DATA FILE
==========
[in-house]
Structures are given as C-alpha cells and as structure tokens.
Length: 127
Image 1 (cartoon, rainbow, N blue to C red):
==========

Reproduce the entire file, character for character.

[in-house]
Structures are given as C-alpha cells and as structure tokens.
Length: 127
Image 1 (cartoon, rainbow, N blue to C red):